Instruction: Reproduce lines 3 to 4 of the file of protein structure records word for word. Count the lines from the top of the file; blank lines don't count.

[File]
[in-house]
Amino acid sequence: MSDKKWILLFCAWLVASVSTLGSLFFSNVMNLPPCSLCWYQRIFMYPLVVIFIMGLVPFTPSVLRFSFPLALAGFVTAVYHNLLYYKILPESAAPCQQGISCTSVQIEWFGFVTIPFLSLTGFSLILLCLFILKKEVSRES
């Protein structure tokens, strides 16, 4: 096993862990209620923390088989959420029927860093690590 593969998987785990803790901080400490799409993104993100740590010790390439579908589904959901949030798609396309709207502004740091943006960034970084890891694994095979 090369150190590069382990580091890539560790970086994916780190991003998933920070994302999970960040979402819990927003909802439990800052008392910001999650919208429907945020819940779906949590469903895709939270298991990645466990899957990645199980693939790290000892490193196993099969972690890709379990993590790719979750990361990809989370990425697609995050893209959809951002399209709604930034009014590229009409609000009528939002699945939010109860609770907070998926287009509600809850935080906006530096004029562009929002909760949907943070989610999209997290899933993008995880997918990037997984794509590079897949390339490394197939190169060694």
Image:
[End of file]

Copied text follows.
């Protein structure tokens, strides 16, 4: 096993862990209620923390088989959420029927860093690590 593969998987785990803790901080400490799409993104993100740590010790390439579908589904959901949030798609396309709207502004740091943006960034970084890891694994095979 090369150190590069382990580091890539560790970086994916780190991003998933920070994302999970960040979402819990927003909802439990800052008392910001999650919208429907945020819940779906949590469903895709939270298991990645466990899957990645199980693939790290000892490193196993099969972690890709379990993590790719979750990361990809989370990425697609995050893209959809951002399209709604930034009014590229009409609000009528939002699945939010109860609770907070998926287009509600809850935080906006530096004029562009929002909760949907943070989610999209997290899933993008995880997918990037997984794509590079897949390339490394197939190169060694």
Image: